Second, accusations of indoctrination evidence a deep disrespect for my profession and for me personally. This accusation, in one simplistic swoop, tells me that the subject I care about deeply enough to invest money, time, and energy into learning about in order to teach students the wide variety of issues inherent in that subject, does not matter, is not worth my time or my students’ time, and is certainly the wrong thing to be teaching.

Third, the accusation of indoctrination puts professors on the defensive. It certainly put me on the defensive. I take what I do very seriously – and personally because of all the time, money, and energy I’ve expended to get here. Putting people who have worked so hard and care so much about a subject on the defensive is an effective strategy because it shifts the focus away from the real problem: that students need to be exposed to a multitude of opinions and information in order to form their own opinions about the world.

And here’s my final word on this for now: If students come away from college with different opinions than yours? That doesn’t mean they have been indoctrinated. It means they were presented with a broad spectrum of information and opinion that you may have never seen, and they decided for themselves what to think. The process of college is scary to some people because it does influence how people think about subjects and realities in the world. But I am tired of being on the defensive – it is exhausting. I know what I do in my classroom and most people have no idea. I invite any of my readers to come to my classrooms and observe for a day. Just a day should be enough to demonstrate how misguided this indoctrination accusation really is.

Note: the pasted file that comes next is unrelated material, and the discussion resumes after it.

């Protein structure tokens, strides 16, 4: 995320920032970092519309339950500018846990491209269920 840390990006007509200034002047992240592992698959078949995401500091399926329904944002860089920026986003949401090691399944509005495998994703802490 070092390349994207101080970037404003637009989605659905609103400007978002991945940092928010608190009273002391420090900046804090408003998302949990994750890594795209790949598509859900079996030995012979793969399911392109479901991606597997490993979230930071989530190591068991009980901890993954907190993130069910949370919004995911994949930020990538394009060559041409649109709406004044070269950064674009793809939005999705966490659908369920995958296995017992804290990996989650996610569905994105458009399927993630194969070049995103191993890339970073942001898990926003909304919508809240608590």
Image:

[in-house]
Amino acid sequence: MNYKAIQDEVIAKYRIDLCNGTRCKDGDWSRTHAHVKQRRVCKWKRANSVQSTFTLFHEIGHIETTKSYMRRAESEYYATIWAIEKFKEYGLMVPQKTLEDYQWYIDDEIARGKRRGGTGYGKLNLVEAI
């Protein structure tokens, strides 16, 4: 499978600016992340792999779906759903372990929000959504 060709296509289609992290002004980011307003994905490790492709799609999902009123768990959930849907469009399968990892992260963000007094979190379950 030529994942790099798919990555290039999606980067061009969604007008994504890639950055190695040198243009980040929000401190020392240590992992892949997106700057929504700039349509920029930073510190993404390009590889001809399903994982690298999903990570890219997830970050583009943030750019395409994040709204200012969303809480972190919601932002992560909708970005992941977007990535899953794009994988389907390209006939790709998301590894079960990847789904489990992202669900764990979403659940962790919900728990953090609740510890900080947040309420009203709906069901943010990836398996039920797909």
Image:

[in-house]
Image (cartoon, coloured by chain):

1 comment:

A. Hab. said...

Perhaps this is based on my own personal area of interest, too, but I would add to the second point. In addition to suggesting that our areas are not worth teaching, when we are accused of indoctrinating our students we are also told (albeit silently), "You are to understand that X is the wrong thing to teach, but Y is fine." And "Y" tends to be something in-line with cultural (read: hegemonic) ideology. (I'm sure the historian from my defense just screamed somewhere--she hated when I used the word "hegemonic.") But here's my point: I'm not entirely certain a hegemony actually exists. But I am certain people exist who wish a hegemony exists (or who are delusional enough to believe it absolutely does). And I do believe those wishful thinkers tend to be the ones who proclaim that we are indoctrinating our students.

I had a student complain on an evaluation once that I was a "preacher, not a teacher." Fine. Whatever. Maybe I can come off as preachy when lecturing on the virtues of a cleverly crafted thesis statement. But I have never, not once, told a student that he or she could not ascribe to a different belief set from mine.

The good teachers are passionate people. We care about our subject matter, and we care that our students get it. Some people interpret passion as indoctrination, and frankly I believe those are the people who are in desperate need of an English lesson.